A Closer Look at the Lack of Innovation in Today’s Tech World
Even though piles of new gadgets are released every couple of weeks, only a small fraction of those electronics can be considered truly innovative. CIO.com blogger Paul Mah takes a closer look at the reasons why.
By Paul Mah, CIO
I started this morning with the intention of writing about a newfangled projection keyboard that I recently saw featured on a couple of blogs, here and here. I vaguely remember reading about similar projection keyboards in the past, so I assumed that this new keyboard must incorporate a novel enhancement and, therefore, might be worthy of mention in my Gadget Navigator blog. I should have known better.
After reading a bit about it, I immediately noticed how similar the technical specifications for Elecom’s newly announcedprojection keyboard (TK-PBL042BK) are to that of Celluon’s Magic Cube keyboard, which was released last year. The marketing literature for the Elecom projection keyboard was different than Celluon’s, but after doing some digging, I found a high-resolution picture of the Elecom gadget, which has the words “Powered by Celluon” printed on its rear side. That told me all I needed to know.
I can’t say I was entirely surprised to find the same parts inside both keyboards; many competing technological makers actually incorporate the same components inside their wares. Intel microprocessor and associated chipsets, for example, are used in practically every desktop PC and laptop available today. The displays for Kindle and Kobo e-readers are both created and manufactured by E Ink, and most computer mice used the same few optical or laser sensors in the past prior to the development of more advanced sensors including Microsoft’s Bluetrack and Logitech’s Darkfield.
Many companies are fine with simply rebadging existing products with their own brand name and packaging. This is true for many reasons. Some companies want to fill a perceived gap in a product line or leverage their brands to sell more products–even if those product were designed and made by another company. Of course, most of these companies often attempt to create additional value by putting in better software drivers or incorporating enhanced capabilities, etc.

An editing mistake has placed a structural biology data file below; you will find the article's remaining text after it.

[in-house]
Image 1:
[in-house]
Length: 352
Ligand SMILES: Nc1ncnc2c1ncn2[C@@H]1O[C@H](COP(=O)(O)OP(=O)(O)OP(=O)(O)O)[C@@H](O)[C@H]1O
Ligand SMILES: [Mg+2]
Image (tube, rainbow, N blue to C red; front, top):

True Innovation is Rare
What I’m really trying to say is that’s rare to find truly innovative products in today’s technology-obsessed world. Apple is one company that consistenly innovates. An example of this innovation is the company’s new combination process of waterjet cutters, high speed CNC machining and laser drilling that’s used to create the MacBook’s unibody frame. Unfortunately, this type of innovation is the exception to the rule, which is why most PC-based laptops have looked very much alike for so many years.
This is also why products such as the Ergotron WorkFit-S and the Dropcam HD have attracted my interest in this blog. The former advances the concept of a workstation by functioning in both standing- and sitting-positions; the latter packs a 720p HD camera, sufficient processing mojo for H264 encoding, 802.11b/g/n wireless and two-way audio into a product that weighs just 5.5 ounces.
On that note, I’m always seeking unique gadgets to review so if you spot one that cries out for an evalution, please drop me a note either in the comments section below or via Twitter @paulmah.